computer messages transmitted through satellites, they all
have an interest in what's happening in the world, and they
use radio to reach out.
Why Do They Call Themselves "Hams?"
Some hams are attracted by the ability to communicate across
the country, around the globe, even with astronauts on space
missions. Others build and experiment with electronics.
Computer hobbyists find packet radio to be a low-cost way to
expand their ability to communicate. Those with a competitive
streak enjoy DX contests, where the object is to see how many
distant locations they can contact. Some like the convenience
of a technology that gives them portable communication. Others
use it to open the door to new friendships over the air or
through participation in one of more than 2000 Amateur Radio
clubs throughout the country.
All Theories aside:
Although the origin of the word "ham" is obscure, every
ham has his or her own pet theory.
The three letters (H.A.M.) Refer in homage to the initials of the last names of three great
radio experimenters. HERTZ, who demonstrated the existence of electromagnetic waves in 1888,
ARMSTRONG, who developed a resonant oscillator circuit for radio frequency work, and MARCONI,
the 1909 Nobel laureate in Physics, who in the year 1901 established the first transatlantic
Have you ever wondered why we radio amateurs are called "HAMS"?
Well, according to the Northern Ohio Radio Society, it goes like this: the word ham was
applied in 1908 and was the call letters of one of the first Amateur wireless stations
operated by some members of the HARVARD RADIO CLUB. There were Albert S. Hyman, Bob Almy
and Peggie Murray. At first, they called their station Hyman-Almy-Murry. Tapping out such
a long name in code soon called for a revision and they changed it to HY-AL-MU, using the
first two letters of each name. Early in 1909, some confusion resulted between signals from
Amateur wireless HYALMU and a Mexican ship named HYALMO, so they decided to use only
the first letter of each name and the call became HAM. In the early pioneer unregulated
days of radio, Amateur operators picked their own frequency and call letters. Then, as now,
some Amateurs had better signals than some commercial stations. The resulting interference
finally came to the attention of congressional committees in Washington and they gave much
time to proposed legislation designed to critically limit Amateur activity. In 1911, Albert
Hyman chose the controversial Wireless Regulation Bill as the topic for his thesis at Harvard.
His instructor insisted that a copy be sent to Senator David I. Walsh, a member of one of the
committees hearing the bill. The Senator was so impressed, he sent for Hyman to appear before
the committee. He was put on the stand and described how the little Amateur station was built.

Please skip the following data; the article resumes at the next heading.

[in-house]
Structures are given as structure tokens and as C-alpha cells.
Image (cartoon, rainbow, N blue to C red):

He almost cried when he told the crowded committee room that if the bill went through,
they would have to close up the station because they could not afford the license fees and
all the other requirements that were set up in the bill. The debate started and the little
station HAM became a symbol of all the little Amateur stations in the country crying out to
be saved from menace and greed of the big commercial stations who did not want them around.
Finally, the bill got to the floor of Congress and every speaker talked about the poor little
station "HAM". That's how it all started. You will find the whole story in the Congressional
Record. Nationwide publicity associated station HAM with Amateurs from that day to this,
and probably to the end time, in radio, and Amateur is a HAM.
The problem with this theory is that an exhaustive search of the Congressional Record turns
up no such speech, and the Harvard School has no record of the Amateur Radio station called
"HAM". However, The accuracy and inaccuracies of the Congressional Record in the early
part of this century makes it a dubious tool for proof or disproof. Before reforms were
enacted in this century, the rules of Congress were very lax. Enough so, that just about
anything could be "read into the record" by any member - - whether it was actually SAID
on the floor of Congress or not. Likewise members of Congress who knew the "right people"
and had enough "pull", could have certain NON-ESSENTIAL items REMOVED from the record,
under the guise of shortening an already impossibly large document. The potential here
for miss-use and abuse is obvious. Many members of Congress could appease their constituents
and special interests by claiming to have made an impassioned plea for their cause on the
floor, and pointed to the "Congressional Record" as proof. This led to many obviously
ridiculous [documented] paradoxes on "matters of record," such as speeches made by members
days or weeks AFTER they boarded a plane or boat which crashed or sank, killing them.
"Hams a poor operator. A 'plug.'"
That's the definition of the word given in G. M. Dodge's The Telegraph Instructor even before
radio. The definition has never changed in wire telegraphy. The first wireless operators were
landline telegraphers who left their offices to go to sea or to man the coastal stations. They
brought with them their language and much of the tradition of their older profession.
In those early days, spark was king and every station occupied the same wavelength-or, more
accurately perhaps, every station occupied the whole spectrum with its broad spark signal.
Government stations, ships, coastal stations and the increasingly numerous amateur operators
all competed for time and signal supremacy in each other's receivers. Many of the amateur
stations were very powerful. Two amateurs, working each other across town, could effectively
jam all the other operations in the area. When this happened, frustrated commercial operators
would call the ship whose weaker signals had been blotted out by amateurs and say "SRI OM
THOSE #&$!@ HAMS ARE JAMMING YOU."
Amateurs, possibly unfamiliar with the real meaning of the term, picked it up and applied it
to themselves in true "Yankee Doodle" fashion and wore it with pride. As the years advanced,
the original meaning has completely disappeared.
-Louise Ramsey Moreau W3WRE/WB6BBO
One holds that early amateurs were called hams because they liked to perform, or "ham it up"
on the air. Another proposes that the name came from the "ham-fisted" way some early